HOW TO BOND WITH YOUR CHILDREN AT HOME

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We love our children and value connection with them and our time with family, but we lead busy lives, entirely inundated with technology, and we are constantly connected to things that happen outside of our home.
Unfortunately, it’s so easy to lose touch with our most valuable relationships as we quickly reply to one more email, WhatsApp a friend, post a quick update on Facebook, or entertain ourselves on Netflix.
The good news is that there are many very easy ways to regain those relationships and develop lasting emotional connections with our children, and it only takes us to put the phone aside for a couple of hours a day.
Now you have no excuse not to improve your relationship with them.

  1. PLAY WITH YOUR CHILDREN

Playing tag with them at home, taking them on their backs in a horse race, or playing sports with them: all are fun ways to play with our children that, at the same time, encourage and help us to make our relationship with them more deeply.

Pay attention to their feelings
To help our children develop a healthy relationship with their feelings, listen to them, even when they cry and have tantrums. Let them know that you are there, hug them, cuddle them and let them express themselves. Accept them and witness their emotions.

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SHARE QUALITY LEISURE TIME WITH THEM REGULARLY

Set periods of 15 to 60 minutes and tell them that you are going to reserve a space to dedicate that time only to them, away from distractions, mobile phones, and social networks, and give them your full attention. You can even name it, especially if your kids are tweens or teens, to make it more attractive to them. Avoid the need to suggest or direct and let them guide you.

  1. FOCUS ON YOURSELF

Instead of constantly using social media, stay away from the phone and screens for 30 minutes a day to reconnect with yourself. Try meditation, reading magazines, painting, writing stories, yoga, or a nature walk. Take some time each day to let your thoughts and worries go, to purposely step away from screens and get in touch with who you are. This practice will help you find yourself and spend more time and attention with your children.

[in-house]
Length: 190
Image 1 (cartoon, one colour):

1. MAINTAIN EYE CONTACT WITH YOUR CHILDREN

Taking them to school, going to work, doing activities, and picking them up is a daily routine that doesn’t give us the time to stop, get some air and perspective, and look our children in the eye. Whenever you can, whenever you talk to them remember to make eye contact. This helps build a connection and maintain it over time.

  1. TALK TO THEM ABOUT THE BIG QUESTIONS IN LIFE
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Does your 4-year-old already want to know where babies come from? Does your 8-year-old daughter have a hard time understanding her grandfather’s death? These doubts are very common and represent curiosities related to the most complicated issues in life. The truth is that it can seem overwhelming trying to explain it to a child, but you need to do it. Talk to your partner and decide what are the 3 most important things your child should learn about this topic. Then talk to him. Do you expect me to know that sex happens when two people love each other? So by the emphasis on the fact that people who love each other have babies (you can reserve the details of sex for when they are older).

Do you want them to understand that even if a person dies, they are still alive in all those who knew them? Then tell them to help bring them peace and perspective. The important thing is that you do not avoid these topics or assume that children will not be able to handle them or that they do not want to learn them from you. Children need to learn from their parents and guide their steps through their teachings. Build on your values ​​and beliefs and teach them from them, in a kind and thoughtful way.

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  1. TELL THEM MORE ABOUT YOUR LIFE

Children want to know what it was like for you to do the things that they are learning to do now. Tell them as many stories as you can about your childhood and adolescence. Your children should know everything they want to know about their grandparents when you learned to ride a bike when you fell in love for the first time and with whom, who went with you to your first dance, where you went on vacation with your family, books what you liked most as a child or what your friends were like. All these details help them feel closer to you and make decisions in their own lives.

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